This week's portion: the people, the calf, and Moshe
readwritepoem: Lunar Eclipse

Shabbat mincha poem

I said on the DLTI-4 email list this week that our last week of DLTI felt to me like an extended Shabbat mincha (afternoon service-time): those last golden hours as the sun begins to set. As DLTI drew to its inevitable close I felt the same kind of sadness that I feel when Shabbat is on its way out, or when time with a dear friend is winding down and I know they're going to have to pack their bags and leave again.

Shabbat mincha is considered moshiach-tzeit, the time when our transformative potential is most accessible and we can whisper most easily into God's loving and listening ear. It's always hard to let that go. But we can't have Shabbat without chol (ordinary time), and we can't have DLTI (or any retreat experience) without our ordinary lives surrounding it.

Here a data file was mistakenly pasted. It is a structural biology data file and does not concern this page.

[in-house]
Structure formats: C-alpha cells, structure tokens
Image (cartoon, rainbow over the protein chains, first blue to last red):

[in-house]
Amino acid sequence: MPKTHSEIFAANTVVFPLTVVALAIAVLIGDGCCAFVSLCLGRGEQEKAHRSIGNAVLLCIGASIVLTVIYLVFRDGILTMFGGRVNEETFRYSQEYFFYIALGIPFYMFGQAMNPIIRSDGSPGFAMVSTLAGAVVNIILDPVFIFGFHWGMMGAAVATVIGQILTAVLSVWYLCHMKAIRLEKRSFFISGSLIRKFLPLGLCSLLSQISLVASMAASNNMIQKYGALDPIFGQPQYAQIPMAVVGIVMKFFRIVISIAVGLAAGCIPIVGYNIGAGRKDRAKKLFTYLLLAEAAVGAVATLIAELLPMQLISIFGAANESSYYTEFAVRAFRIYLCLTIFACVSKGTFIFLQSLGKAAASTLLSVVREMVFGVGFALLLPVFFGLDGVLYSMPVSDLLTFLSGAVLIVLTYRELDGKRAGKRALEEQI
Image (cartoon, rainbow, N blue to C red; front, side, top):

So DLTI ends. Shabbat ends. Time with our loved ones ends. That's the natural rhythm of things. But it's also the natural rhythm of things that Shabbat always returns, and that the blessings we find in togetherness can sustain us even when we're apart.



For my fellow travelers in DLTI

Look how the afternoon light
is changing. Last night
we waltzed in the doorway,
sang until our voices deepened.

But our time together
is always already ending.
Weekday melodies
peek around the edges.

I'm not ready.
I throw myself at your knees.
What if even our strongest spices
aren't enough to revive me?

I know once we're apart
I'll remember how good it feels
to miss you. How everything
is meant to come and go.

Still, right now
in the light that emanates
from your face, I can imagine
how it would feel

if we didn't need distance
in order to know union
if you didn't need to leave
in order to return.

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